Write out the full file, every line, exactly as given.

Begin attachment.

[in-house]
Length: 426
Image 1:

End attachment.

[in-house]
Length: 426
Image 1: